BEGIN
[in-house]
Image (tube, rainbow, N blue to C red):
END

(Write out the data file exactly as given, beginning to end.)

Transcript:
[in-house]
Image (tube, rainbow, N blue to C red):